Vrijburcht is a multipurpose living-and-working complex in Amsterdam. It offers many shared social amenities for both the residents and the people from the neighbourhood. The heart of the complex is the courtyard garden with trees, a vegetable garden, lawns, flowers, benches and a greenhouse. The garden provides various solutions to the expected impact of climate change; it offers residents a cool environment during warmer summers; rain water is stored in underground tanks for irrigation in dry periods; the unsealed area permits maximum rainwater permeability.
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Bilbao’s ‘Zorrotzaurre’ district is currently a degraded, flood-prone industrial peninsula. With increasing extreme precipitation predicted across the Basque country in the future due to climate change and a need for new housing to accommodate citizens of Bilbao, a major urban regeneration project is currently underway to redevelop Zorrotzaurre district into a new flood-proof residential quarter.
In response to flooding causing damage in Smolyan’s Ustovo neighbourhood in 2005, the city implemented a number of flood protection measures that presumably have paid off already during the wet year of 2014. Under the project, river banks were widened, existing protection walls were reinforced and new walls constructed. The cost of about 480,000 EUR was mainly derived from funding by the European Regional Development Fund (ERDF).
Malmö is experiencing negative effects from climate change due to rising temperatures and excessive rainfall. The city therefore aims to realise climate adaptation measures by integrating it directly in the design of urban development projects, such as in the case of the Western Harbour. The private funding to realise these measures is provided by developers, who realise the actual construction of the projects.
Bratislava has received funding from “EEA Grants and Norway Grants” (hereafter called EEA Grants) for an urban climate adaptation project. The project entitled ‘Bratislava is preparing for climate change’ implements measures to enhance the resilience of Bratislava city to the adverse impacts of climate change, in particular intense rainfall and heat. These measures include tree planting, green roofs and rainwater retention facilities. The benefits are primarily for the most vulnerable inhabitants of Bratislava: elderly people and children.
Lisbon is located in Southern Europe, a region that is generally identified as one to be likely affected by droughts if current climate change scenarios do occur. Over the last 40 years, Lisbon geographic area has witnessed an increase in the rainfall variability. Projections up to the end of the century agree that these trends will intensify. Leakage reduction at the distribution network arises as one of the most significant adaptation measures to be implemented.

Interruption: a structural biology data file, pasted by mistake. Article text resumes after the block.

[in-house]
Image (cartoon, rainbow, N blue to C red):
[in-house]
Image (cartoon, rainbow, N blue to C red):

In 2002, Prague experienced severe flooding with total damage of 24 billion CZK (1 billion euro). This event was recognized as one of the most expensive weather-related disaster in the history of the city with heavy damages on infrastructure, housing and environment. Future climate scenarios predict a change in the number and intensity of extreme events, inter alia, increasing the risk of river flooding. Since the 2002 event, the implementation of flood control measures by Prague municipality substantially speeded up.
The area of the Eferdinger Becken, Upper Austria, is a small area that lies on the Danube. It has no protection against floods with a 100-year return time: the flood-prone area includes about 154 houses that flood regularly. Due to the importance of the retention space for the discharge and the difficult technical feasibility, passive flood protection was considered as more suitable. Homeowners needed to decide on relocation by the end of 2015. The federal and the regional governments compensate citizens 80% of the value of the house if they agree to move.
The Forested Infiltration Area (FIA) is proving to be an effective tool in Northern Italy helping to address water scarcity challenges and/or to achieve environmental benefits over the long term. FIA is a method to recharge groundwater aquifers by channelling surface waters during times of excess into designated areas that have been planted with various species of trees and/or shrubs.
Isola Vicentina (Italy) signed the EU’s Mayors Adapt initiative (current Covenant of Mayors for Climate and Energy) in 2014 and since then started the elaboration process of its Municipal Water Management Plan (MWMP) in order to integrate climate change adaptation into its water management policies. For this purpose, Isola Vicentina Mayor engaged the “Planning Climate Change” research group at the IUAV University of Venice and Green-Dev studio, a local consultancy firm.